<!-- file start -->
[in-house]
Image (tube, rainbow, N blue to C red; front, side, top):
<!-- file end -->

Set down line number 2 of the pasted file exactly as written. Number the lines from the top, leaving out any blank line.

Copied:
Image (tube, rainbow, N blue to C red; front, side, top):